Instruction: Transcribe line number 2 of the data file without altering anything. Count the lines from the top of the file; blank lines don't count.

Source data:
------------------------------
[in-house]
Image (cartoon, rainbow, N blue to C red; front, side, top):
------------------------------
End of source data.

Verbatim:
Image (cartoon, rainbow, N blue to C red; front, side, top):